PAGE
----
Andy Warhol

Andy Warhol

Andy Warhol was an American artist, film director, photographer, and leading figure of the Pop Art movement.

Born in 1928 in Pittsburg, Pennsylvania, Andy Warhol changed the art world, creating works inspired by Pop and mass culture. Among his masterpieces, Warhol depicted celebrities like Marilyn Monroe and Elvis Presley, but also everyday objects like the iconic Campbell’s Soup can, and he made experimental films like Empire.

From a stylistic point of view, he rejected the dominant painting and sculpting techniques and embraced silk-screen printmaking, creating his typical flat areas of color and sharp outlines.

With his New York studio, The Factory, Andy Warhol created a gathering place for artists, intellectuals and celebrities. His art also had a strong influence on other artists such as Keith Haring and Jean-Michel Basquiat.


      Who is Andy Warhol?
      A Brief Biography of Pop Art’s Founder

      Warhol was a famous American visual artist, photographer, and filmmaker, who was born on the 6th of August 1928, in Pittsburgh, and died on the 22nd of February 1987.

      Although he was born, raised, and died in the United States, his family was of Polish origin, and his real name was Andrew Warhola. Andy's artistic career developed in New York City, where he became a key figure in the art scene of the time, contributing significantly to the development of the pop art movement.

      Andy Warhol's artworks depict mainly everyday objects and the faces of celebrities of his time. Some of Andy Warhol's paintings and most famous works include Campbell soup cans, Perrier and Coca-Cola water bottles, Marilyn Monroe, Elvis Presley, Mao Zedong, Stalin, and many others. 

      For the execution of his works of art, he mainly used the silkscreen technique

      Pop Art

      In the 1960s, Warhol became a central figure in the pop art movement, which sought to celebrate mass culture objects and celebrities through art. 

      Andy employed the use of silk-screen printing to produce the works; this printing technique allowed the subjects to be reproduced in series. The seriality of Andy Warhol's artworks highlighted the theme of serial and industrial reproduction.

      Andy Warhol's artworks and style, based on simple subjects and bright colors, are iconic and universally recognized.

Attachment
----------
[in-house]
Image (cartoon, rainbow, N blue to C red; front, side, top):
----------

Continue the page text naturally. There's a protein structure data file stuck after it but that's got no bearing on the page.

The Style: the most iconic subjects by Andy Warhol

      The protagonists of Andy Warhol's works are the icons of mass culture. The main subjects of his works include celebrities such as Marilyn Monroe, Elvis Presley, and Mao Zedong, along with everyday objects such as Campbell's soup cans and Coca-Cola bottles. 

      The Polish-American artist often used the silkscreen technique to reproduce the works in series. The mass production of the works emphasized industrial production and the ephemeral nature of Pop culture.
      Through his work, Warhol challenged the traditional artistic and social conventions of his time and profoundly influenced 20th-century art. 


      Andy Warhol's Flowers were created by the artist in 1964 and first exhibited at the Leo Castelli Gallery. As usual, Warhol started with a shot by another artist, in this case,Patricia Caulfield, to create the work.

      In 1966 Patricia sued Warhol for image appropriation, and after a lengthy plea bargain, Andy Warhol accepted a settlement.After this episode, the father of Pop Ar began to take pictures himself for the creation of his artworks.

      Campbell Soup

      “I used to have the same lunch every day, for twenty years, I guess, the same thing over and over again.” - Andy Warhol 

      This is why Andy Warhol used to portray the well-known Campbell Soup in his work. Andy Warhol did not come from a wealthy family, so every night his mother would offer him the same soup reheated in the microwave.